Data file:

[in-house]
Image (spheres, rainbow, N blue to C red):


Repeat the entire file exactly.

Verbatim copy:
[in-house]
Image (spheres, rainbow, N blue to C red):